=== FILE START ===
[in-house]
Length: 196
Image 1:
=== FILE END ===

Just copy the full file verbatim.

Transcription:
[in-house]
Length: 196
Image 1: